Where you go in understanding that is what you're going to do. That's what the Trinity models for us. That's what we understood as husbands and wives. I think that's what's expected in all our relationships, that we value each other and then we submit or yield to each other's wishes, wants, desires. There's an honoring in that, that you honor that person each time you step back or that you step aside. Right.
Or whatever the case may be. Another characteristic is joyful intimacy, right? We highly value, and I love this word, we enjoy each other, right?
We really enjoy each other. We want to communicate with each other through words, of course, but shared experiences. We communicate not just through what we say, but how we experience life together, right? Shared experiences, being kind to each other, acts of kindness, and just spending time together.
Yeah. Man, communication will make all the difference, like in a relationship, whether it's just like we've talked about with marriage. I mean, obviously without communication there, you will run into constant situations and trouble, but communication plays such an important role in how we engage even in the office with your friends or with leaders. I know that if you have a leader who makes a decision, that seems to have come out of the blue.
If they just run with it and everybody has to follow suit without understanding, sometimes it's harder to follow that definition of leadership than if they say, here's how we came to this. Let me explain what's going on. And just having a better understanding or an open line of communication can really help the whole relationship to function more fully and efficiently. And the last one, Bethany, is mutual deference. That's a big word.
I had to look it up. Mutual respect, right? Mutual respect. And in this sense, we're valuing the distribution of responsibilities among ourselves. We're valuing how responsibilities are split up. And although roles may vary and power we know is not equally distributed, we're in families.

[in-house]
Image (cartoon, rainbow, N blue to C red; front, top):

We know it's not equally distributed. There is a desire when we mutually respect each other that everyone participates in decision making to the level that they can, in power that is shared among each other. And I think there's also this willingness to defer to each other based on wisdom, based upon experience, the nature of the situation at hand. It makes me think of our family dinner table. We eat together at night around the table and everybody has to play a role or the meal doesn't happen.
I think it's worth thinking through when you read through the Word of God and see the way that the persons of the Trinity, the Father, the Son, and the Holy Spirit, the way that they're announced in Scripture and the roles that they have to play, especially in the New Testament. We see this beautiful understanding of that relationship in action. And I think it's a concrete, it is a concrete example of how our relationships should function as well, especially in leadership. Okay, Major, what's today's action?
All right. Let's make this, that's easy. How can you show someone today that you're devoted to them? How can you show that you are devoted to them?
How can you communicate that they're valued, that you're willing to set aside your own rights, right, for their sake, your pleasures for theirs, and that you respect them enough to, in this instance, defer to their wisdom, to their experience, to give them the opportunity to feed into you? How can you show your devotion to somebody today? The Salvation Army's mission, Doing the Most Good, means helping people with material and spiritual needs. You become a part of this mission every time you give to the Salvation Army. Visit salvationarmyusa.org to offer your support. And we'd love to hear from you. Call 1-800-229-9965 or visit salvationarmyradio.org to connect.
Tell us how we can help. Share prayer requests or your testimony. With your permission, we would love to use your story on the show. You can also subscribe to Words of Life on your favorite podcast store or visit salvationarmyradio.org to learn about more programs produced by the Salvation Army. And if you don't have a church home, we invite you to visit your local Salvation Army Worship Center. They'll be glad to see you. Join us next time for the Salvation Army's Words of Life.